If your brand is going to be the ‘front page’ of your business, it needs to look good. Brand guidelines are a simple reference tool to remind everyone what the ‘front page’ should look like.
In order for the guidelines to be useful, they need to be clear, concise and easy to use. If they are overcomplicated, they will be ignored and won’t get the buy-in you want from your employees and agents; too simple and they might be open to interpretation. It all comes down to how much control you want to have over your brand.
Whether you publish your guidelines through a document or a website here are a few tips on what to include.
Simply outline what your business is, and what it stands for. It is useful to record the mission of your business to explain why you do things the way you do. This not only helps the reader understand the broad culture of your organisation but also puts the brand into context.
Most companies have a logo, whether it is simply their name in a particular font or an emblem that represents the brand. In this section, you should explain how the logo was conceived and what it represents.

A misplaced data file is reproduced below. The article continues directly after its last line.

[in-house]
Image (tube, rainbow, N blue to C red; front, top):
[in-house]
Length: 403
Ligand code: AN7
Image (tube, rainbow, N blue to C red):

You might have variations of the logo which are used in different ways depending on the context (for example a version with and without text), make sure you explain how these should be applied.
Don’t forget to include details of your corporate colours; the exact shade (Pantone reference) is important to ensure you use your brand consistently. Using the wrong shade of your corporate colours dilutes the brand.
Is there a particular font and size that you typically use in reports, websites, letters, business cards? If the answer is yes, you should include a section on your preferred typography for each medium.
This might seem tedious, but it ensures your employees and agents are consistent in the way they present information to your customers. You have probably experienced a situation where you receive two similar documents from two different employees of one organisation that are in two completely different styles. Whilst it is not a major issue, the power of your brand is in the consistent way in which it is implemented.
Take Starbucks for example, whether you are in your local shopping centre or on holiday in New Delhi, you know exactly what to expect. In actual fact, the predictability of their brand is the exact reason people go over and over again.
Does your organisation have a certain way of wording or referring to products or services? Maybe it’s a catchy phrase or a preference of one term over another when referring to your product. You need to keep your employees and agents informed of what these terms are so they can ‘walk the party line’.
This section should be all about the uniqueness of your sales approach, the thing that differentiates you from the rest and adds brand value.
How not to use the brand
Finally, consider how the brand should not be used and include some ‘no-nos’. This will hopefully prevent your brand being used in ways, which conflict with your mission.